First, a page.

Cabernet franc should taste like cabernet franc. It may seem obvious, but taste enough of it from up and down the East Coast, and it quickly becomes obvious that not all that many winemakers are willing to let cab franc speak for itself.
Unless it’s allowed to get very ripe – overripe, really – on the vine, cabernet franc nearly always has a “green” edge. Sometimes that greenness expresses itself as sweet summer herbs like basil, oregano or thyme. Other times, it’s more overtly vegetal, think asparagus or bell pepper. I don’t think anyone wants a wine that tastes just of these things, but as an accent to ripe fruit flavors, good acidity, medium-intense tannins and maybe a bit of an earthy note and then you really have something.
At least I think so. A lot of winemakers still fear that green character, so they let the grapes get ripe enough in the vineyard to knock the chemistry out of whack or they beat those flavors out of the wine through the use of new oak barrels – replacing herbs with wood. Those wines can still be good, but they aren’t what I want in cabernet franc.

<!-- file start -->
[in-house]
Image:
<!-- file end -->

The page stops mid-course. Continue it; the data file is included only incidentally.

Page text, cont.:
This week’s Wine of the Week, Paumanok Vineyards 2014 Cabrenet Franc ($28) is what I want in cabernet franc. It tastes like cabernet franc.
Intense aromas of blackberry and currant are accented – and not at all dominated – herbal notes. They bring a savory, food-friendliness to fruit flavors that have a fresh, just-picked quality.
Medium bodied and intensely berried — which again more than balances that savory herbal character – the palate speaks for itself. You won’t find toasty or oaky flavors. Not even a lick of vanilla. The finish is long with a plum skin note, fresh acid and a nice bit of drying tannin.
This was one of the stars of a recent tasting I did with grilled burgers. You can read that story in the summer Wine Press.